The inside info behind Jagex’s decision to ban most third-party clients that you must know.
On June 17th, 2022, Jagex announced that starting on the 24th of the same month, any player using any third-party client other than the three safe-listed ones will receive a two-week ban. This is linked with the new launcher Jagex will soon impose on their player base.
This means they will only allow us to use a limited number of clients to keep playing our beloved Old School RuneScape. And they don’t plan to expand the list either. If you want to keep questing, skilling, bossing, PKing, or earning OSRS Gold, you’ll need to switch to one of the approved clients.
Partly, this is so that Jagex has more control and partly to keep the game fair for everyone. In the end, it wouldn’t be fair if using a particular client would help you save some OSRS GP from fewer deaths while trying to learn the Woox Walking at Vorkath.
Jagex Banning Third-Party Clients Wasn’t Surprising
Jagex had previously discussed how the new client (the official Jagex launcher) aims to prevent bots through its advanced bot detection systems. Bots can farm OSRS Gold illegally, and taking the necessary steps to remove or prevent them is part of what keeps the game fair.
This mainly affects the RWT business and how much OSRS GP gets transferred and then used as a means to buy Old School RuneScape membership. Hence, banning third-party clients was a predictable move on Jagex’s part.
Good News: Runelite is Still Here to Stay
Had it not been for the extended popularity of the allowed clients, Runelite would have likely also ended up on Jagex’s blacklist. But, as we all know, Jagex won’t take such substantial unilateral decisions because they risk losing many players.
Instead, they understand the importance of high approval from the community. Therefore, they decided to include the most loved third-party client for OSRS, Runelite, within the official Jagex launcher.
Why is Jagex Banning Most of the Third-Party Clients?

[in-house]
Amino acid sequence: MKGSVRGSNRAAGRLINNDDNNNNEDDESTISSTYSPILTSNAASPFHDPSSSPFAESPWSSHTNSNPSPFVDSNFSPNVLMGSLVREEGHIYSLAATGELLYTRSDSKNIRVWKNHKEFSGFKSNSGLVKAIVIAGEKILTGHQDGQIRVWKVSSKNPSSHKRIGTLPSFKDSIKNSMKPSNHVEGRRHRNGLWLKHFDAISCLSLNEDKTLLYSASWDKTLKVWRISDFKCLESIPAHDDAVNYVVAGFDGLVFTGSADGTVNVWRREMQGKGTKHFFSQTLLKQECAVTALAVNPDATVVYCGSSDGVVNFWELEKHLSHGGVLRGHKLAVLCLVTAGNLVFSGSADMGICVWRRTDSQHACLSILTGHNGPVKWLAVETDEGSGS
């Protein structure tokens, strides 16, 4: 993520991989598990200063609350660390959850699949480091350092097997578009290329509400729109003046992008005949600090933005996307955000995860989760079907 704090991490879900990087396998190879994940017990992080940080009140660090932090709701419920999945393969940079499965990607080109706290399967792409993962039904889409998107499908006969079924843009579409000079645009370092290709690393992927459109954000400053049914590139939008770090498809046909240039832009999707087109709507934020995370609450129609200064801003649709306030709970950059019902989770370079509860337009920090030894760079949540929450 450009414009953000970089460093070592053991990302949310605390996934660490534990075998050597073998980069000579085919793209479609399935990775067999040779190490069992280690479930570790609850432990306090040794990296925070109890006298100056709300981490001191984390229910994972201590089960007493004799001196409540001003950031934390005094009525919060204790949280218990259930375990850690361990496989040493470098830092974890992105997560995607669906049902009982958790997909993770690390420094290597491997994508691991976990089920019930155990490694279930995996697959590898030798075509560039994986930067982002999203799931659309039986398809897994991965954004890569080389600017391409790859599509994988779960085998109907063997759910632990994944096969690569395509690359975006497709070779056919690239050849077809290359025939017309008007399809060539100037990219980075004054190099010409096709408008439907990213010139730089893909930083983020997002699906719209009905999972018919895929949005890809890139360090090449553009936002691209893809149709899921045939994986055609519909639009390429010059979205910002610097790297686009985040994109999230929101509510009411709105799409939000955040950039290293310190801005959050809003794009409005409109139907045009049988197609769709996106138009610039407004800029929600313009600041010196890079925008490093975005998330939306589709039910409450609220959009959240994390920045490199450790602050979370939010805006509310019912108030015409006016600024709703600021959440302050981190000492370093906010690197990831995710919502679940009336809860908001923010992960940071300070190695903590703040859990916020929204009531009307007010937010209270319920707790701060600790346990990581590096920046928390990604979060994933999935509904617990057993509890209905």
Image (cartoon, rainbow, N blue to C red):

Two inherent problems come with many third-party clients: game integrity/fairness and data security. While some of these third-party clients aimed to circumvent the game and create unfair advantages for their users, other clients even experienced colossal data breaches that exposed the credentials of many players, leaving them vulnerable to hacking.
There are three big categories of unwanted behavior Jagex is trying to prevent by limiting the third-party clients to RuneLite, HDOS, and OSbuddy:
- Players skilling faster or with less effort.
- Players receiving combat aid from third-party clients that give them an unfair advantage in PvM and PvP scenarios.
- Ill-intended behavior directed towards other players like scamming or luring.
Jagex is even trying to compile a comprehensive list of features that are a no-go, but that’s an arduous task. The list is open and might stay open as long as Old School RuneScape exists.
Third-party clients won’t be able to tell you where projectiles land, so if you’re planning on killing drakes without fire protection, you will face an extra challenge.
If you want something automatic to count their attacks for you so you know when to dodge that fierce fireball, you’ll face another disappointment, as attack counters are also a banned feature. You won’t be able to receive any aid in attack prediction either. And we all have to admit that that is something that would make Jad a piece of cake.
You’ll also be on your own when it comes to prayer switching, so you better really learn how the mechanics of the boss you’re fighting look. The only way you’ll be able to have guidance on where to stand or not stand is through tile indicators, as any other features meant to help you out with this are also banned.
If you’re a skiller than a PvMer, menu entries that cause actions to be sent to the server are banned, with a significant emphasis on entries that affect Construction, Blackjacking, and Attack. Third-party clients won’t be able to modify the interface if that means that stuff that’s supposed to be hidden would get revealed or if it affects the click zones for most of the UI.
For PvMers, they want to limit the help a player can get from the client they’re using. And rightfully so, since PvM is one of the main ways to acquire OSRS GP, the success rate should be directly linked with the players’ skills and level of focus.
Let’s remember that Old School RuneScape is the game in which we deal with three massive interconnected scales: the activity’s intensity, the activity’s profitability (or the amount of potential OSRS Gold you can get or lose performing that activity), and the experience per hour.
While for most of the PvM’s activities, the XP per hour is pretty similar, the fight mechanics and the ones that distinguish the PvM activities are crucially different. The intensity from the specific mechanics can vary from AFK like the Kraken to intense like Zulrah.